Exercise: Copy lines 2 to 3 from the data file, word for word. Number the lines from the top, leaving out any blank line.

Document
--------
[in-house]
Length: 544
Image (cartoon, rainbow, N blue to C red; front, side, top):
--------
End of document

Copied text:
Length: 544
Image (cartoon, rainbow, N blue to C red; front, side, top):